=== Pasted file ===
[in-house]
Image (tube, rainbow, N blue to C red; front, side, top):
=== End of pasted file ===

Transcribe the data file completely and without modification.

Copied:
[in-house]
Image (tube, rainbow, N blue to C red; front, side, top):